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Albanian Aryan Athens beauty believe better called character Chaucer community of blood criticism culture Dacia democracy earth EDWARD AUGUSTUS FREEMAN elevation England English Eunapius Europe evil eyes fact fancy feeling France French Gaul genius give Greek heart heaven Hephaestion human idea instinct intellectual John Milton Josiah Mason kindred kings knowledge laboring class land language learned less literature living look Magyar mankind matter means ment Milton mind modern moral nation nature never noble once Paradise Lost passion Pepys perhaps person physical poem poet poetic Poetic Principle poetry political practical principle Proaeresius race religion Roman Samuel Pepys scientific seems sense society soul speak spirit Swift sympathy things thought tion toil tongue Travelers Insurance Company true truth University virtue walk wild words
Seite 87 - Tho' they may gang a kennin wrang, To step aside is human : One point must still be greatly dark, The moving Why they do it ; And just as lamely can ye mark, How far perhaps they rue it. Who made the heart, 'tis He alone Decidedly can try us, He knows each chord its various tone, Each spring its various bias : Then at the balance let's be mute, We never can adjust it ; What's done we partly may compute, But know not what's resisted.
Seite 389 - Come, read to me some poem, Some simple and heartfelt lay, That shall soothe this restless feeling, And banish the thoughts of day. Not from the grand old masters, Not from the bards sublime, Whose distant footsteps echo Through the corridors of Time.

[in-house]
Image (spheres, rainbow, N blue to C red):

Seite 110 - Enow of such as for their bellies' sake, Creep and intrude, and climb into the fold? Of other care they little reckoning make, Than how to scramble at the shearers' feast, And shove away the worthy bidden guest; Blind mouths! that scarce themselves know how to hold A sheep-hook, or have learned aught else the least That to the faithful herdman's art belongs!
Seite 66 - More and more mankind will discover that we have to turn to poetry to interpret life for us, to console us, to sustain us. Without poetry, our science will appear incomplete ; and most of what now passes with us for religion and philosophy will be replaced by poetry.
Seite 74 - Led on the eternal Spring. Not that fair field Of Enna, where Proserpine gathering flowers, Herself a fairer flower by gloomy Dis Was gathered, which cost Ceres all that pain To seek her through the world...
Seite 73 - What though the field be lost? All is not lost; the unconquerable will, And study of revenge, immortal hate, And courage never to submit or yield: And what is else not to be overcome?
Seite 88 - Had we never loved sae kindly, Had we never loved sae blindly, Never met, or never parted, We had ne'er been broken-hearted.
Seite 19 - He is taller, by almost the breadth of my nail, than any of his court ; which alone is enough to strike an awe into the beholders.
Seite 82 - I was confirmed in this opinion, that he who would not be frustrate of his hope to write well hereafter in laudable things, ought himself to be a true poem...